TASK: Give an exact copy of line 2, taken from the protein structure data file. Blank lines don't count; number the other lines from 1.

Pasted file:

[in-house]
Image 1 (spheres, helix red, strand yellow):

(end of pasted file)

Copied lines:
Image 1 (spheres, helix red, strand yellow):